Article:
Dallas Is Setting Up a Kickstarter to Save Historic Octavio Medellin Windows
Dallas sometimes has a penchant for getting excited about what's most shiny and new. Amidst all the demolition and reconstruction, it's invigorating to hear about preservation efforts.
As KERA reported earlier this week, the Trinity Lutheran Church near White Rock Lake is being torn down, to be replaced with a new YMCA at White Rock. Inside the church are three fused-glass windows made by the late, Dallas-based artist Octavio Medellin. The YMCA donated the windows to the city, and the Dallas City Office of Cultural Affairs intends to install them in the City Performance Hall in the Arts District.
The OCA is launching a Kickstarter campaign to help cover part of the $140,000 cost of the project. They're dealing with some technical difficulties right now and the Kickstarter page hasn't launched yet -- we'll post an update as soon as it has. The campaign, Windows at Dallas City Performance Hall, is aiming to raise $7,500, $2,500 per window.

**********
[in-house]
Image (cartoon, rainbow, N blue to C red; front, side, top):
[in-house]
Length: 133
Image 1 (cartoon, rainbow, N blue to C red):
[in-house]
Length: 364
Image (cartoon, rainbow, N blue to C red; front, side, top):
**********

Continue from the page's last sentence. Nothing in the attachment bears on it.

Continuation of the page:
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These are extremely delicate pieces, as Michael van Enter of Studio van Enter explained. Van Enter is an art conservator overseeing the transfer and installation of the windows. Stained glass windows are made by coloring glass with different oxides, spreading the glass out like dough, then cutting it to the desired shape and fitting the pieces together with grout.
But Medellin's windows are made of fused glass, made by sprinkling oxide on a piece of glass then firing it in an oven like pottery. Each piece has to be in its final shape already, meaning the pieces in the three Medellin windows, titled "Father," "Son" and "Holy Ghost," are unique. "They're not something you can buy and replace," says van Enter. "The Office of Cultural Affairs has really gone out of their way to save it at the 11thhour."
When describing Medellin's influence on the Dallas art scene, van Enter uses words like "pivotal," "giant" and "instrumental." Medellin founded the the Medellin School of Sculpture in Dallas in the '60s after teaching at UNT and SMU. He fled to the U.S. during the Mexican Revolution, and today his work is in the Smithsonian and the Getty Research Institute.
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